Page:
MyNETRA (Malaysian Network of Transgender People) – a group organised through Facebook by community based organisation, PT Foundation Mak Nyah requested technical support via a facilitated workshop to empower members of the transgender community in Malaysia.
Stigma towards men who have sex with men and transgender people in Malaysia is high. Legal reviews conducted by the UN have found that Malaysia is “prohibitive in high intensity” and “highly repressive” for men who have sex with men (MSM) and transgender people. Read more.
The TraCE workshop was therefore conceived and delivered by facilitators from the community, and took place within a private, intimate environment to guarantee the safety of the participants.
The workshop was not a traditional ‘consultation’ as would be standard for the creation of a ‘national network launch’ meeting. This would have been jumping far ahead of the reality of where the transgender community currently stands in Malaysia.
The participants included clients of the PT Foundation Social Centre, and were also recruited from two networks that operate through the social network, Facebook: one for transgender people (MyNETRA) and one for transgender men (mostly from Penang in the north of Malaysia).
The content of the workshop focused on personal responses to issues around discrimination, stigma,and physical and emotional abuse. Feedback at the end included:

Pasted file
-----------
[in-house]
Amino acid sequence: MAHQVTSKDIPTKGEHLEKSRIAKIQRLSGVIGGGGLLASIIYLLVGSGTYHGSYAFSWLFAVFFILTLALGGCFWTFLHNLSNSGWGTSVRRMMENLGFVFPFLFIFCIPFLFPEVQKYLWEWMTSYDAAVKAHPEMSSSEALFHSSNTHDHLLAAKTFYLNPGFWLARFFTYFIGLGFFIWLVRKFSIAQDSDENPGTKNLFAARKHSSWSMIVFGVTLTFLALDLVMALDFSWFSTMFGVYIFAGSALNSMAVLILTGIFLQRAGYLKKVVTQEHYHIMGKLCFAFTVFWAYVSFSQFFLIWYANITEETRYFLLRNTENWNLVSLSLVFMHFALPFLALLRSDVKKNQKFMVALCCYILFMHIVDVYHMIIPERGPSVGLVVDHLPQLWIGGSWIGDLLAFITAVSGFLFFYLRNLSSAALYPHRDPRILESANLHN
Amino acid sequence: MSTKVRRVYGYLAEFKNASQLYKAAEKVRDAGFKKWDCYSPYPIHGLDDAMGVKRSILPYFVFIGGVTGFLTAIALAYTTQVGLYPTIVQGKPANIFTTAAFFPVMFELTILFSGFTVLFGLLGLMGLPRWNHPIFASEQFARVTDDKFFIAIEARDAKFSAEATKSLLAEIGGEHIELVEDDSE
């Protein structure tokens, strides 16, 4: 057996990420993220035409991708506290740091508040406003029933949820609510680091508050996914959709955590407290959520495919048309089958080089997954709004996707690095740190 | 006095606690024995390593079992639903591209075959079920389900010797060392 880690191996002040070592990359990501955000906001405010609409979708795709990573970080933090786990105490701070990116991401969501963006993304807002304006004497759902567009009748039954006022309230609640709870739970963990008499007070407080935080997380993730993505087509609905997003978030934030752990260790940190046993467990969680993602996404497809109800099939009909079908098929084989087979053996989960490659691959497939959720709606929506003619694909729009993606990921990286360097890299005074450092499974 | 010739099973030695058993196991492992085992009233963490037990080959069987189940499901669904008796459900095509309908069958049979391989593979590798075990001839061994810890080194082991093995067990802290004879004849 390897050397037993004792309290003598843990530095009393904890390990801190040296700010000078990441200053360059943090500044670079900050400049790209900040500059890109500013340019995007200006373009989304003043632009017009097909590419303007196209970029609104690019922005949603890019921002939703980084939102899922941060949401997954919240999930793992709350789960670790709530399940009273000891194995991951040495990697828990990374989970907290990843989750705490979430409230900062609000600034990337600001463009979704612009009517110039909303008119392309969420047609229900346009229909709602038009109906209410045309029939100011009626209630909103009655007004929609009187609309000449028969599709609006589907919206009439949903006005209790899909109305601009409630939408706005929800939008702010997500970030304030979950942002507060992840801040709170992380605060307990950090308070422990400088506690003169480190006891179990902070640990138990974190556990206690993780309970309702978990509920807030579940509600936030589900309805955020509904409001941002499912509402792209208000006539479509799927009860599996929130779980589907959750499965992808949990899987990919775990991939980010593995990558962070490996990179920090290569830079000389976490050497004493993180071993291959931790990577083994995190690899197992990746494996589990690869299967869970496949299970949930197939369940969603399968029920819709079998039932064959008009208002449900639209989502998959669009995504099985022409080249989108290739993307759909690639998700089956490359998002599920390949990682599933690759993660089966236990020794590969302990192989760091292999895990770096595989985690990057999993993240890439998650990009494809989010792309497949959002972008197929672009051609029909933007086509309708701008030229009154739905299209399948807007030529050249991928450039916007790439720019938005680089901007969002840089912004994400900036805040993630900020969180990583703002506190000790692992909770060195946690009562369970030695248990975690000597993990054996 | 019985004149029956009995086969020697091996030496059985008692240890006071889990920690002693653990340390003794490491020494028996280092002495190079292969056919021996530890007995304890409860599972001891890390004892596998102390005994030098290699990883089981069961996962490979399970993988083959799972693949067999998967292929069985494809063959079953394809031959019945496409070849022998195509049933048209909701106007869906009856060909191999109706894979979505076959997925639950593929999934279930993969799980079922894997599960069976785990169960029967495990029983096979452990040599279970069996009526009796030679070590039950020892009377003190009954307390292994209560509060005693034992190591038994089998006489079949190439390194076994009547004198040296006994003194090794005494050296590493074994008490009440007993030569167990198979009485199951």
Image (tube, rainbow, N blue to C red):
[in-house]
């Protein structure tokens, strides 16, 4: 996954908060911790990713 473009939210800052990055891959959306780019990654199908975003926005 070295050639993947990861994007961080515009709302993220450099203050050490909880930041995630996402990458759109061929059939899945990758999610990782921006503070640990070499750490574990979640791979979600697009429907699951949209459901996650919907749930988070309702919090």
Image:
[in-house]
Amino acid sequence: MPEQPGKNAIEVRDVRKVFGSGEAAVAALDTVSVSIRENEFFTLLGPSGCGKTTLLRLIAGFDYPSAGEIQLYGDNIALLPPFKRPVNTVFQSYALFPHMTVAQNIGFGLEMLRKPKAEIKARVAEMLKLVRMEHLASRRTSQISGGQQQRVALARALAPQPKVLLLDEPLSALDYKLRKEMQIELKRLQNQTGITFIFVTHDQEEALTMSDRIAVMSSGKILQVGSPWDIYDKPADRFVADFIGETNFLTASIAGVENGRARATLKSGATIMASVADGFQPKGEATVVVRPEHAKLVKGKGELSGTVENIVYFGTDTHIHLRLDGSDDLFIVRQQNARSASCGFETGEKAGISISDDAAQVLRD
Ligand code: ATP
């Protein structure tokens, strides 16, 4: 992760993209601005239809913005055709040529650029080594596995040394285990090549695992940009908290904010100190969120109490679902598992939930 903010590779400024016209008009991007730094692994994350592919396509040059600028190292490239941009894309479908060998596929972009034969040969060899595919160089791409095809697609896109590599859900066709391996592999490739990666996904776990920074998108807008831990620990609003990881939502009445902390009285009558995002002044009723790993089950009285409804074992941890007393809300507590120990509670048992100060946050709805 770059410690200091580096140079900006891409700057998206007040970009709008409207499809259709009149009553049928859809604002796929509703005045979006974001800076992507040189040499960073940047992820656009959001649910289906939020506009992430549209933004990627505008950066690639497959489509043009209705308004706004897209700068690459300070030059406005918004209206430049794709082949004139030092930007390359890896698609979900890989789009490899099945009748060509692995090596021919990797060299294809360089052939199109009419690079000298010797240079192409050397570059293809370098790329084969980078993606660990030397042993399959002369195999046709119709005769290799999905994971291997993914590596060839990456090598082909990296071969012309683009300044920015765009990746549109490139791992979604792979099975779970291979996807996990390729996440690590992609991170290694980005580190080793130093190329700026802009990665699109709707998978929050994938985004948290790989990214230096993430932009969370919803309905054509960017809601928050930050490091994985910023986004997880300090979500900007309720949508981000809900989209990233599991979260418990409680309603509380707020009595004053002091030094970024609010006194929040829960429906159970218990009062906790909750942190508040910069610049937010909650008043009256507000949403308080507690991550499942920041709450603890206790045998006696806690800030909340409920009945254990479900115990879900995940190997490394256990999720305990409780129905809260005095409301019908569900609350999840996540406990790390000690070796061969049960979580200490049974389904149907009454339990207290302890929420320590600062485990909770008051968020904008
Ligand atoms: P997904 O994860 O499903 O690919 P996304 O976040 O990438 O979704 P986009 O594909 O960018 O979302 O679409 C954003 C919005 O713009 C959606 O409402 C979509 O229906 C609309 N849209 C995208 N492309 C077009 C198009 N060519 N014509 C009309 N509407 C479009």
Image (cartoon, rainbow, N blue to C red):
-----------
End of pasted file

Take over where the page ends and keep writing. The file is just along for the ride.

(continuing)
“A lot of changes in me…I started to accept to have a friend in my life.”
“I am more open now and very happy I went for TraCE workshop.”
“Self discovery make me feel that I’m a lucky person in my own way…just be proud and thankful with what we have…I’m trans women!!!...so what?”
“I once feel awkward at first with the transmen…but after last night with feelings of shame I change after I know them more closely, I know we have a story. When I look at them, it’s just like looking in the mirror.”
Greg Gray, TS Hub Manager for South East Asia and Pacific said: “Following the workshop, the facilitators have made efforts to link the Malaysian community to the Asia Pacific Transgender Network (ATPN). The facilitators acknowledge that this meeting is only a first step, but believe that if further workshops take place in the next couple of years, then we are likely to see a shift in thinking and acceptance amongst the Malaysian transgender community.”
The TraCE workshop took place over three days in February 2012. 21 transgender people took part (14 trans women, 7 trans men).
For more details about the workshop programme, contact the South East Asia and Pacific Hub.